Personality associated with depressive status in individuals with type 2 diabetes mellitus
Received 31 December 2018
Accepted for publication 1 April 2019
Published 3 May 2019 Volume 2019:15 Pages 1133—1139
Checked for plagiarism Yes
Review by Single anonymous peer review
Peer reviewer comments 2
Editor who approved publication: Dr Taro Kishi
Norio Yasui-Furukori,1,2 Hiroshi Murakami,3 Hideyuki Otaka,3 Hirofumi Nakayama,3 Masaya Murabayashi,3 Satoru Mizushiri,3 Koki Matsumura,3 Jutaro Tanabe,3 Yuki Matsuhashi,3 Miyuki Yanagimachi,3 Kazuhiko Nakamura,2 Makoto Daimon,3 Norio Sugawara1,4
1Department of Psychiatry, Dokkyo Medical University School of Medicine, Tochigi, Japan; 2Department of Neuropsychiatry, Hirosaki University Graduate School of Medicine, Hirosaki, Japan; 3Department of Endocrinology and Metabolism, Hirosaki University Graduate School of Medicine, Hirosaki, Japan; 4Department of Clinical Epidemiology, Translational Medical Center, National Center of Neurology and Psychiatry, Kodaira, Tokyo, Japan
Objective: Type 2 diabetes mellitus (T2DM) is associated with a high prevalence of depression, and depression is influenced by personality traits; however, these psychological factors have not been well studied in individuals with T2DM. The association between the use of a 5-factor model of personality and depressive symptoms was examined in individuals with T2DM.
Methods: The subjects were 435 T2DM patients (mean age 63.1±12.6 years). Depressive status and personality traits were assessed using the Center for Epidemiologic Studies Depression Scale and the Ten-Item Personality Inventory, Japanese version, respectively. Lifestyle factors and glycated hemoglobin A1c levels in the patients were also included in the analyses.
Results: Among the 435 subjects with T2DM, 130 (29.9%) exhibited possible depression, and 68 (15.6%) exhibited probable depression. After adjustment for confounders, Extraversion, Agreeableness and Neuroticism were found to be significantly associated with the presence of depression. No relationships were found between depression and HbA1c.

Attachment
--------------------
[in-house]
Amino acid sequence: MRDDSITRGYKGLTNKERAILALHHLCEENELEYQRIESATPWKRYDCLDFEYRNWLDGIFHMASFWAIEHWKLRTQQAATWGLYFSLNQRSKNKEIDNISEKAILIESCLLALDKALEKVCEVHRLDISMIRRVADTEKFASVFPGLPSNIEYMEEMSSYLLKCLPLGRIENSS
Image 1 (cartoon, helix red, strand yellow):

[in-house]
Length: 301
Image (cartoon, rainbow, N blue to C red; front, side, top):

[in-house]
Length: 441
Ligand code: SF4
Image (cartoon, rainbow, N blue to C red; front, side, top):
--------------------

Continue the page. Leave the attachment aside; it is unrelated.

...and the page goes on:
Conclusion: These findings indicate that Extraversion and Agreeableness are protective factors, and Neuroticism is a risk factor for depression in T2DM patients. Psychological therapy focusing on personality may reduce depressive symptoms. Additional studies are needed to examine the relationships between psychological factors and depressive symptoms using a longitudinal study design.
Keywords: cross-sectional studies, depressive symptoms, Japanese, personality, type 2 diabetes
The high prevalence of type 2 diabetes mellitus (T2DM) as a lifestyle-related disease has become a burden, and T2DM can increase the risk of both serious physical and mental health issues. Depression is two times more common in patients with diabetes than in the general population, with differing rates in patients with type 1 diabetes (21.3%) and T2DM (27.0%).1 A recent meta-analysis suggests that the pooled relative risk for T2DM is 1.41–1.43 for depression.2,3 Because cerebral small vessel lesions are associated with depressive symptoms due to damage to deep and frontal brain structures that regulate mood, the vascular depression hypothesis may be potentially relevant in T2DM.4,5 In addition, the inflammatory pathway may involve oxidative stress as well as endothelial dysfunction, and markers of these processes are associated with depression6–9 and are known risk markers for T2DM.10,11 Prolonged hyperglycemia or hypoglycemia can lead to negative emotion in T2DM patients.12